Update: Includes comments from an interview with DA Joe Gonzales.
Jade Esteban Estrada
Bexar County District Attorney Joe Gonzales
After a three-month moratorium on prosecuting pot cases, Bexar County District Attorney Joe Gonzales is likely to get back to pursuing charges for high-level pot possession.
The lull in prosecutions came in June after a new Texas law legalizing hemp made it harder for municipalities to prosecute marijuana cases. The problem: establishing the difference between legal and illegal herb requires a lab test.
On Tuesday, however, Bexar Commissioners Court approved a $100,000 gear upgrade to its crime lab that will allow the county to run analyses of confiscated weed.
“What this will do is allow law enforcement to file marijuana cases with us,” Gonzales said. “But our priority is — and has been since I took office — to focus on the high-level cases, the felony cases.”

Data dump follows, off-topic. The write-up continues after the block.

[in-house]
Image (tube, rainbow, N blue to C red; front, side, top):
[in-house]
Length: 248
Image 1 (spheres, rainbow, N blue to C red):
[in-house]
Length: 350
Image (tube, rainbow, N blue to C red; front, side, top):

After he took office, the DA initiated a cite-and-release policy in which those possessing less than the four-ounce cutoff for felony possession receive a ticket rather than jail time. Gonzales said his office won't pursue charges against people caught with less than an ounce of pot.
"We have limited staff, we have limited funds," he said. "So, we're going to focus our attention on keeping our streets safe, on domestic violence and violent crime."
Gonzales was one of at least four Texas DAs to stop pull back on pursuing pot cases after the Texas hemp law went into effect.
Even though Bexar County approved spending money to buy new equipment, Gonzales said it could be four to six months before the lab is ready to begin running tests.
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